I feel scared that we are running down the river so I have to ask my friends for help. I can hear gun shots.

I run and start to dig the trenches so we can hide in them and people can use the machine gun to help the team shoot.

I can see soldiers from my battalion dead on the ground and I can see people in the trenches wearing gas masks.

I sleep in my tent for the night. In the morning I go and help out.

BY TAINE


 A Life in the Army for Duffy the Donkey

My name is Duffy the donkey. I carry injured people to the hospital tents on my back as quickly as I can.  That is why John Simpson always says “Hurry up!”

I get very tired, because I’m going up the hill and back at least ten times a day. I smell blood when I walk across the battlefield.

John Simpson found me at the top of the hill. He thought this is a good way to carry injured people to hospital because there were bombs bombing, and grenades exploding.

By Kyle 


Life in the War

Here we are in the trenches pulling out men that are almost sinking into the water.

I feel worried that I’m going to die but I have to keep fighting for my country.

I hear gun shots and screaming and I feel unsafe because when I look at this place it’s horrible and frightening. There’s blood all over the place that makes me feel sick.

Shanelle



The Scared Soldiers

I can feel mud slopping down my boots.
Shrapnel is blasting into my skin.
My sadness for home is painful.
Pain is in my left shoulder from the gun shock.
I can see blood in the water.
Grenades are flying in the air.
Wounded soldiers are lying on the ground.
Mud and dead trees are scattered as far as the eye can see.
Muzzle flashes everywhere.
Men are retreating into trenches.
I can hear screams of horror.
Explosions are crushing the dirt.
Guns are firing bullets past our heads and helmets.

By Caleb
                                












16 comments:

  1. Bailey's Dad9 May 2012 at 15:47

    Room 4 you have a great understanding, of Anzac Day. Well done what smart students you all are.

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  2. I am very proud of Baileys writting.

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  3. We thought that a black background would look good on a red pinboard

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  4. I really like everyones stoy.

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  5. They look good on display outside Room 4. They also look good with a picture beside the story.

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  6. Wow, Room 4 you are amazing.Jim and I have read your stories and we feel priviledged and blown away. The depth of your stories is touching. Thank you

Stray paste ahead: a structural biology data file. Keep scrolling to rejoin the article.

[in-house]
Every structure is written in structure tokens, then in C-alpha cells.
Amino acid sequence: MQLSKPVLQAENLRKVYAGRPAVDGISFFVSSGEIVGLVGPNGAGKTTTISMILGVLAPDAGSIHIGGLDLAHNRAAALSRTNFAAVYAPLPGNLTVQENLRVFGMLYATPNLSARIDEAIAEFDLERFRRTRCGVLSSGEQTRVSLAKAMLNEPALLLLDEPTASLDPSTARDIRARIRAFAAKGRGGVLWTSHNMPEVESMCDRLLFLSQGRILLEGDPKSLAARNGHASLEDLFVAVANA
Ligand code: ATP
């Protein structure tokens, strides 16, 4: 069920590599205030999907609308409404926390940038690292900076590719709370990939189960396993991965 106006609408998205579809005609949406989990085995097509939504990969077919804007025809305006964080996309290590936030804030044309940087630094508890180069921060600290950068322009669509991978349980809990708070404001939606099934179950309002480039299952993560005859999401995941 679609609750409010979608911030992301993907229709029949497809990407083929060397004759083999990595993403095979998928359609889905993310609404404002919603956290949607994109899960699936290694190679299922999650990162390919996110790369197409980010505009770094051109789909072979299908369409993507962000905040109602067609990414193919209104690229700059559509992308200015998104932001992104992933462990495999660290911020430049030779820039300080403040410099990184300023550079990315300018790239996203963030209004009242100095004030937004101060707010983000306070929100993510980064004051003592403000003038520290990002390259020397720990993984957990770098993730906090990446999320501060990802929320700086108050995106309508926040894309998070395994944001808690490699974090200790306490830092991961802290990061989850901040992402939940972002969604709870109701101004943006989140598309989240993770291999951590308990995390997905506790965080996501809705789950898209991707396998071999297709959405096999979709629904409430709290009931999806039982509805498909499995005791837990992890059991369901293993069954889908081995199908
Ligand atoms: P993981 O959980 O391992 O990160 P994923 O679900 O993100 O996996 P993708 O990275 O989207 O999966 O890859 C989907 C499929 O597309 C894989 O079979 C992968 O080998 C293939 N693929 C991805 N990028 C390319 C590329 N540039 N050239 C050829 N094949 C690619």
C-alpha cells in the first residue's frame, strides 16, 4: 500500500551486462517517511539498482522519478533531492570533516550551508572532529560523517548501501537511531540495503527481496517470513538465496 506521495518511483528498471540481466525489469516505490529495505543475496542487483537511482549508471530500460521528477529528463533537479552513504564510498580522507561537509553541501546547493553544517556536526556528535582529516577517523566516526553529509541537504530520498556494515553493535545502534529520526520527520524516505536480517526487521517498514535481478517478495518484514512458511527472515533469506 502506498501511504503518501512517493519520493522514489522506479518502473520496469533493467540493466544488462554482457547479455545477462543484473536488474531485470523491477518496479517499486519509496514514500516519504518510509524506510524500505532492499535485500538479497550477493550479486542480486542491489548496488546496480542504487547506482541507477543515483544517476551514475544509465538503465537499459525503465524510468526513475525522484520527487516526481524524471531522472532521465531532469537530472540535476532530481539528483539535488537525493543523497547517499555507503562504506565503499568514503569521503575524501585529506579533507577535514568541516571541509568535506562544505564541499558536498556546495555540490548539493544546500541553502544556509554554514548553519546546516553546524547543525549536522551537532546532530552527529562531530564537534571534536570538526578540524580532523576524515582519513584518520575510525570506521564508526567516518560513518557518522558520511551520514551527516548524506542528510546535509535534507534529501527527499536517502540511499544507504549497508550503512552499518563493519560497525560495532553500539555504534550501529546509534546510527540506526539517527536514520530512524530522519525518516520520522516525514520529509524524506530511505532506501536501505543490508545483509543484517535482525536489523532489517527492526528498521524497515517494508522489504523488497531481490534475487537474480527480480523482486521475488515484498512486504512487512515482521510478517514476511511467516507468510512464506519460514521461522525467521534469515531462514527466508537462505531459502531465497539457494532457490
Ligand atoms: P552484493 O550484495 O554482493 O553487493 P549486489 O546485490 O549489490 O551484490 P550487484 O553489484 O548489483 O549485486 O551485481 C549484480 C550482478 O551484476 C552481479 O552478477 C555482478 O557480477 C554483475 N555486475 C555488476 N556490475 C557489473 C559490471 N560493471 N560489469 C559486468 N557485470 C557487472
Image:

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  7. Dean - Ryan and Kyle's Dad9 May 2012 at 19:54

    I am very impressed by the depth of feeling that these students have for their subject - a terrible time for so many young men.

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  8. Jennie Joubert9 May 2012 at 22:16

    Brilliant writing guys keep up the good work!

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  9. Wow how amazing are you guys, I learnt so much form you all. Thanks for the interesting read this morning.
    Dawn Iains mum

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  10. They are all my favourites.

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    Replies
    1. Thanks everyone for your kind comments about our writing. We especially like hearing from parents and other family members. We would love to get some comments from some grandparents and even from people who don't know us but like our writing.

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  11. I think all of these storys are good because they have lots of interesting parts in them.

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  12. Room 4 you have been working very hard i ike everyones.

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  13. I didn't no much about the war till on anzac day.

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  14. room 4 had some great stories and eiders.

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  15. It is hard to think of a good sentience for your draft writing.